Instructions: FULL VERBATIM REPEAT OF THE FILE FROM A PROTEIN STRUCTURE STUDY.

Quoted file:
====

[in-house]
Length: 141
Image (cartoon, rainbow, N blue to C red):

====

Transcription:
[in-house]
Length: 141
Image (cartoon, rainbow, N blue to C red):